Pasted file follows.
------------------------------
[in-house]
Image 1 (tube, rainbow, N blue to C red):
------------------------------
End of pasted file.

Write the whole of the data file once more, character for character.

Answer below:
[in-house]
Image 1 (tube, rainbow, N blue to C red):